Blue Jays’ catchers could force the team’s hand

With Danny Jansen, Alejandro Kirk and top prospect Gabriel Moreno all on pace to have career years, the Toronto Blue Jays’s front office has some decisions to make this season. (Getty Images)

We’ve known this for a while, but it’s worth repeating — the Toronto Blue Jays are spoiled at the catching position.

Danny Jansen was on pace for a career year before his latest injury; Alejandro Kirk could be the American League’s starting backstop in the All-Star game, and now Gabriel Moreno, Toronto’s No. 1 prospect, is contributing at the big-league level.

Eventually, though, the catcher-palooza will turn into a catcher dilemma. Once Jansen returns, things get tricky.

“There are pros and cons,” Blue Jays general manager Ross Atkins said recently. “So it’s just balancing that; making sure that there’s enough playing time if it were Gabby to be that third catcher.”

There will be more questions than answers as the Blue Jays sort out their lineup in a few weeks. With that in mind, let’s look at how Toronto can approach the idea of ​​rostering three catchers.

The case for two catchers

If the Blue Jays trim down to two catchers in a couple weeks, it’ll be Moreno going to Triple-A. It would be unfortunate — Moreno is batting .421 with four RBIs through five games — but it would make sense if Toronto views increased it as his best option for playing time.

The case for two catchers hinges on there not being enough playing time to go around, as Atkins said. If Moreno gets sent down, Kirk can continue splitting reps with Jansen behind the plate. With Moreno on the MLB roster, it’s likely Kirk would be relegated to just one start at catcher per week and then full-time designated hitter duties. That part-time schedule is not ideal for either Kirk’s or Moreno’s defensive development.

Carrying two catchers instead of three also allows the Jays to add a left-handed bat to their bench. Jansen, Moreno, and Kirk all bat right-handed, which would be okay, except for that the Blue Jays are already an incredibly right-handed lineup.

There’s also been plenty of buzz about the possibility of Toronto trading one of its three backstops for some help for the starting rotation, bullpen, or batting order. Could the Jays move Jansen for a deadline bat, like Andrew Benintendi from the Kansas City Royals or Chicago Cubs outfielder Ian Happ? Maybe Moreno goes to the Oakland Athletics in a big fish package for starter Frankie Montas?

It’s exciting to entertain that possibility, though I imagine the likeliest scenario, if the Blue Jays make a trade, is to do so in the offseason.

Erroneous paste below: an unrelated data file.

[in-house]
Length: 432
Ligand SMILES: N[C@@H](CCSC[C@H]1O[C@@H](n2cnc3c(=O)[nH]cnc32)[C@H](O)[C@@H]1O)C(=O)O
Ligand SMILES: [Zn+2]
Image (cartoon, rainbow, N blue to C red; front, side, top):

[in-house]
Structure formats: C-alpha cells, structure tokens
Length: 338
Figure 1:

The case for three catchers

The argument for three catchers rests on the principle that the Blue Jays’ best chance to win a World Series happens with Moreno on the roster for the rest of the year. By producing on offence and defense through his first few games, Moreno has shown he belongs in the majors.

There’s a case to be made that even in a three-catcher scenario, where Moreno is catching only twice a week, the youngster is still getting an adequate defensive workload. The 22-year-old will still be developing plenty by just being around the team; he’ll practice by catching bullpens; he’ll do all the catcher’s prep work; he’ll sit in on pitcher meetings and learn the ropes by emulating Kirk and Jansen.

The Jays could make the most of their luxury of depth at the catcher position.

The Jays could make the most of their luxury of depth at the catcher position.

It’s also interesting that Atkins mentioned his club’s schedule as another factor to consider, especially surrounding Kirk’s defensive workload.

“I think it’s not just Alejandro, but the demands of catching certainly adds to wanting to be a little bit more conservative,” Atkins said.

If Atkins is concerned about load-managing Jansen and Kirk, who’ve both had injury in their careers, then that problems boosts Moreno’s value on the roster. Moreno is the most athletic catcher on the club; he’s young; he’s fresh, and won’t have any quarrels about reduced playing time, as long as he avoids a return trip to Buffalo.

On top of all the defensive stuff, it would be tough to justify demoting a hitter like Moreno to Triple-A. At this point, there’s nothing to be gained from having him face minor-league pitching. Moreno’s passed that test; it’s better for him to challenge himself against the best arms in baseball.

Anything can change, but right now the signs are pointing to keeping Moreno on the roster as the Blue Jays’ third catcher, even once Jansen gets back.

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